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Escape from New York

Escape from New York is a 1981 science fiction/action film directed and scored by John Carpenter. He also co-wrote the screenplay with Nick Castle. The film is set in the near future in a crime-ridden United States that has converted Manhattan Island in New York City into a maximum security prison. Ex-soldier and legendary fugitive "Snake" Plissken (Kurt Russell) is given 24 hours to find the President of the United States, who has been captured by inmates after Air Force One crashed on the island.

Carpenter originally wrote the film in the mid-1970s as a reaction to the Watergate scandal, but no studio wanted to make it because Carpenter proved unable to articulate just how this film could relate to the Watergate scandal. After the success of Halloween, he had enough influence to get the film made and shot most of it in St. Louis, Missouri, where significant portions of the city were used in place of New York City.

The film's total budget was estimated to be USD $7 million. It was a commercial hit, grossing over $50 million worldwide. It has since developed its own cult following, particularly around the anti-hero Plissken. A sequel, Escape from L.A., was released in 1996. On March 13, 2007, a remake of the original film was announced tentatively with actor Gerard Butler set to play Plissken with Len Wiseman to direct. Both have since dropped out of the project.

Plot

In a dystopian 1997, the Soviet Union still exists, as does the threat of World War III. Manhattan was turned into a maximum security prison in 1988 due to a nationwide crime increase of 400% in the United States. Surrounded by a 50-foot (15 m) containment wall, all inmates are sentenced to life imprisonment, and have formed gangs which control the crumbling, garbage-strewn city. Travelling to a three-way summit between the United States, the Soviet Union and China, Air Force One, the plane of the President of the United States, is hijacked by a member of a revolutionary organization opposed to the government. The militant crashes the plane into Manhattan but the unnamed President (Donald Pleasence) is safely sealed in an escape pod and survives. Unfortunately, the inmates quickly find him and take him hostage, cutting off one of his fingers to present as evidence and ordering all soldiers to leave the island immediately or they will kill him.

United States Police Force Commissioner Bob Hauk (Lee Van Cleef) offers a deal to a newly arrived prisoner, a famous special-forces-soldier-turned-armed-robber named "Snake" Plissken (Kurt Russell). If Snake rescues the President, and retrieves a cassette tape that contains important information on nuclear fusion, Hauk will give him a full pardon. However, Plissken must complete his mission before the international summit that the President was due to attend, which begins in 24 hours. After Plissken reluctantly agrees to attempt the rescue, Hauk secretly has him injected with microscopic explosives that will blow open his carotid arteries in 24 hours (Day). The explosives cannot be defused until within fifteen minutes before they go off, as a way of ensuring that Snake does not abandon his mission and escape, nor find another way to remove them. If he returns with the President and the tape in time for the summit, Hauk will save him. Snake promises to kill Hauk when he returns.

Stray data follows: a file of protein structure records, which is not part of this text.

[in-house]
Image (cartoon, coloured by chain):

Snake covertly lands atop the World Trade Center in a glider and then locates the hijacked plane wreckage and the escape pod, but the President is gone. Snake tracks the President's life-monitor bracelet signal to the basement of an abandoned theater, only to find it on the wrist of an incoherent old coot (John Carpenter regular George "Buck" Flower). He meets a friendly inmate nicknamed "Cabbie" (Ernest Borgnine), who offers to help. Cabbie takes Snake to see Brain (Harry Dean Stanton), a savvy and well-educated inmate who has made the New York Public Library his personal fortress. Brain, who knows Snake from some heists they did in the past, tells Snake that a powerful gang leader, the self-proclaimed "Duke of New York" (Isaac Hayes), has the President and plans to lead a mass escape across the mined and heavily guarded 69th Street Bridge (the real Queensboro Bridge is the 59th Street Bridge), using the President as a human shield and hostage. When the Duke unexpectedly arrives to get a diagram of the bridge's land mines, Snake forces Brain and his girlfriend Maggie (Adrienne Barbeau) to lead him back to The Duke's compound. Snake finds the President, but his rescue fails and he is captured.

While Snake is forced to fight with a giant power-house brute (played by professional wrestler Ox Baker), Brain and Maggie trick the Duke's men into letting them have access to the President. After killing the guards, they free the President and flee to Snake's glider. Meanwhile, Snake defeats his huge opponent, impressing the crowd. When the Duke learns the President has escaped with Brain, he is furious, and he rounds up his gang to chase them down. In the confusion, Snake slips away and manages to catch up with Brain, Maggie and the President at the glider, but during their attempted getaway, a gang of inmates push it off the building. Snake and the others soon find Cabbie, and Snake takes the wheel of his cab, heading for the bridge. When Cabbie reveals that he has the nuclear fusion tape (traded to him from an inmate who guarded the President and stole it), the President demands it, but Snake takes it.

With the Duke chasing in another car, Snake and the others drive over the mine-strewn bridge. After the cab hits a land mine, the cab is destroyed and Cabbie is killed. As the others flee on foot, Brain is killed by a mine and Maggie refuses to leave him. She attempts to hold off the Duke's car by firing at him with a handgun, and she succeeds in forcing Duke's car (a distinctive vehicle with ornate chandeliers mounted on either side of the car's hood) to crash, but he crashes into her, killing her, and he continues his pursuit on foot. Snake and the President reach the containment wall, and the guards raise the President on a rope. The Duke then attacks Snake, but the President shoots the Duke with a submachine gun, killing him (this is indicated to be done in revenge for the torture The Duke put him through). Snake is then lifted to safety, and the mini-explosives implanted in his body are deactivated with seconds to spare.